eliminate judgement and end your ‘daily suffering’. 90% of people (they are people, not ‘humans’) go about their daily lives, taking care of their families as they think best – they can learn and improve (perhaps) but they do not gain from your judgement; nor do you.

    translation – get off your high horse, live your life and stop judging others…you’ll be much better off if you focus on yourself. realize that the air, water, earth is cleaner now that it was, all due to the increased focus on sustainability, recycling etc…

  4. What I’ve learned is not to be emotionally engaged in the outcome. Continue doing good and know that it’s best to encourage others by example. Understand that not everyone will pick up on it; we all have our understanding and karma unraveling at different speeds and at different times.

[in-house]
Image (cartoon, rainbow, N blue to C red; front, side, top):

Although judging others seems to be hardwired into us do-gooders, we can learn how to overcome it by seeing others as being on their own path. This may be a convoluted way of saying disengage from the outcome to be happier. Know that all is not necessarily what it should be, but more that all is what IS.

  5. That’s the pot calling the kettle black
    You state to get off your high horse and stop judging people and yet you are doing exactly the same thing maybe this isn’t the place for you

  6. I read one of these articles often, nearly every morning, and they have shown me lots of wisdom so far. I admire this article specifically because I personally have such a huge problem with shutting off my heart in unkind situations. Thank you for helping me this morning, Ram Dass.